Dad didn't have many material possessions in his life; instead he focused on his family while we were growing up and during his later years chose to spend his time traveling and meeting new people. In the end, his true treasures were his family and the many varied experiences and adventures that he had during his lifetime.
Dad gave me the book about Venice after he came home from what turned out to be his last big trip. When I received his laptop computer I found a number of his photos on it from the last few years. I enjoyed looking at them, but I wish I knew the stories behind them. Here are some of my favorites from his photo album:

Hells Canyon on the Idaho side. One of Dad's favorite places

The Salmon River; another family favorite

Payette Lake in winter. When he was younger he enjoyed ice skating and playing hockey on the lake 

Every winter Dad and Kathy enjoyed spending a month in Maui. That tradition continued even after her passing. He spent the early spring of 2014 in Maui.

In 2010, Dad visited my brother Mike who was teaching school in Tokyo. The trip was especially meaningful because he had served in China during World War II as a tail gunner fighting the Japanese. The trip gave him closure from a difficult time in his life.

Dad and Kathy visited Europe several times over the years, and he always enjoyed the experience of seeing new sites and meeting new people. In July 2013, he and a friend visited Paris and Monet's garden at Giverny.

In September of 2013, he and his friend spent two weeks exploring Venice, Italy, and the Adriatic Sea on a cruise ship. He relished the sites and sounds of visiting new places and loved the adventure of traveling.

On the Albanian Coast

Roman Colliseum

Interior of the Roman Colliseum

Glass maker

Italian dance scene

Making lace

Tuesday, January 27, 2015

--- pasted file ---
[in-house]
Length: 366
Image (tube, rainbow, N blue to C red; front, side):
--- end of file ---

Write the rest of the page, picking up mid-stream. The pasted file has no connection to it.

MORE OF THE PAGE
Worried, but Not Panicked

This fall and winter has been harder on David than usual as he's struggled with more depression. I'm sure my issues about my dad didn't help, but he was great about giving me moral support to work through it.
David went to his regular dr. appt. and had blood tests to check lithium levels. Unfortunately his sodium levels are way too high and the lithium is low, so the dr. took him off lithium completely. He came through the withdrawal from it ok, but he's not doing very well with the depression. He says, "my body is ok, but my mind isn't."
His dr. is obviously worried and called him again yesterday to have his blood levels checked today with another dr. appt. coming soon. I haven't talked to the dr. recently, but I'm going to go to the next appt. After David stabilized, I felt that it was important that he be in control of his disorder as much as possible so I don't go to the dr. with him very often. He's good about telling me what was said, and I know I can call the dr., but with this latest wrinkle I need to talk to him about what's going on and what to expect now.
He hasn't had the wild mood swings from mania to depression that I was worried about when he stopped taking lithium, but his depression isn't lifting either. He said the Dr. told him that it was part of having the elevated sodium levels that can damage the kidneys and affect his mood. 
Have I mentioned lately how much I hate this disorder?